"Wrongful death" and "survival" actions are creatures of 19th-century statute in Anglo-American law, the historic common law having extinguished all causes of action upon death—for curious historical reasons that I won't explicate here.  Formally, "wrongful death" is an action by surviving family for their losses, upon the occasion of the decedent's passing.  "Survival" is an action by the estate on behalf of the decedent, as if the decedent had lived.  However, this distinction is often blurred in law, as the actions are brought together as "wrongful death" under Massachusetts statute, and is often blurred in fact, as a single person may stand as a family member and estate representative at the same time.  However the actions are characterized in court, wrongful death and survival have become so universally entrenched in Anglo-American tort law, often upon sparsely worded and rarely amended statutes, that they function in the courts very much like common law causes of action, subject to interpretation in deep bodies of case law.

Image by whitfieldink from Pixabay
In one of the February cases, Jackalyn Schrader, acting with power of attorney for her mother, Emma, signed a "voluntary and clearly labeled" commitment to arbitrate disputes upon admitting Emma to residence at the Golden Living Center-Heathwood, in Chestnut Hill, Mass., in February 2013.  After Emma died in December 2013, Schrader brought a wrongful death claim under Massachusetts statute, in federal court, alleging that nursing home negligence caused bedsores, leading to Emma's death.  Schrader sought to evade the effect of the arbitration agreement by pointing out that she had not signed it in her personal capacity, and state law vests a wrongful death claim in family.

Image by skeeze from Pixabay
In the second of the February cases, Margaret C. Doherty, as representative of the estate and the decedent's statutory beneficiaries, sued in wrongful death upon a 2014 diving accident that took the life of her son-in-law, 37-year-old Gregg C. O'Brien.  O'Brien "was a certified open-water scuba diver [and] drowned while participating in a promotional diving equipment event that was sponsored by [defendants] and held in Gloucester," Mass.  Before participating in the event, O'Brien had signed:
a release from liability which had several subsections that were set forth in all capital letters and underlined, including "effect of agreement," "assumption of risk," "full release," "covenant not to sue," "indemnity agreement," and "arbitration."  In capital letters under the subsection titled "effect of agreement," it said, "Diver gives up valuable rights, including the right to sue for injuries or death." It also told the decedent to read the agreement carefully and not to sign it "unless or until you understand." ... [T]he subsection titled "covenant not to sue" stated that the decedent agreed "not to sue ... for personal injury arising from scuba diving or its associated activities," and that the decedent's "heirs or executors may not sue."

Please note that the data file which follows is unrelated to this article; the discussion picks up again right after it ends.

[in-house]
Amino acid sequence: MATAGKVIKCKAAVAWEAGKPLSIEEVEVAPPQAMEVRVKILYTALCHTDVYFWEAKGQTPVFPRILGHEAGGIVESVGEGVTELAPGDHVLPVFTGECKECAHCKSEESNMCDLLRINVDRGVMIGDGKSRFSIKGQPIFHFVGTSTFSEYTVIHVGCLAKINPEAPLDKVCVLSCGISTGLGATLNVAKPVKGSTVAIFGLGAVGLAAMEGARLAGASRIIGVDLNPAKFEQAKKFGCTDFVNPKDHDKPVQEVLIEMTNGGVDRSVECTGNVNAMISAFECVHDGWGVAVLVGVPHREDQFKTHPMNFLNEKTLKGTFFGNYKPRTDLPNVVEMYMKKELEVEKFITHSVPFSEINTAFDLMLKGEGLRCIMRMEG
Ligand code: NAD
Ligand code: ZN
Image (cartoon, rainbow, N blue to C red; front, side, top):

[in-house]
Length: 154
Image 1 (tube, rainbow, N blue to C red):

Asserting defendants' negligence, Doherty sought to evade the effect of the release by pointing out that the statutory beneficiaries were not party to any agreement.

Associate Justice David A. Lowy
In Schrader's case, the First Circuit certified a question to the Supreme Judicial Court to determine whether a wrongful death action in Massachusetts is independent of a decedent's action, so Schrader would be free of the arbitration agreement, or bound by the decedent's action, so Schrader would be bound by the arbitration agreement, even though she signed it only on behalf of her mother.  Schrader might have understood that her theory under statute was weak, because she sought to play up the court's power to evolve wrongful death law beyond the text of statute.  The court agreed that it had considerable power to evolve wrongful death as a function of common law.  At the same time, though, the court insisted that its job begins with statutory interpretation.  Resorting to the text of Massachusetts's first-in-the-nation, 1840 wrongful death statute, and in accordance with the weight of authority in other states, the court found the derivative nature of a wrongful death claim inescapable.  Schrader must therefore seek relief under the arbitration agreement.

In Doherty's case, the Supreme Judicial Court cited its decision in Schrader and likewise concluded, affirming, that the claims on behalf of the decedent's statutory beneficiaries were derivative and not independent of the decedent's rights.  "Therefore ... the valid waivers signed by the decedent preclude the plaintiff, as [O'Brien's] 'executor or personal representative,' from bringing a lawsuit ... for the benefit of the statutory beneficiaries."

The cases are GGNSC Admin. Servs., LLC v. Schrader, No. SJC-12714 (Mass. Feb. 27, 2020) (Justia; Suffolk Law), and Doherty v. Diving Unlimited Int'l, Inc., No. SJC-12707 (Mass. Feb. 27, 2020) (Justia).  Justice David A. Lowy wrote both decisions for a unanimous court.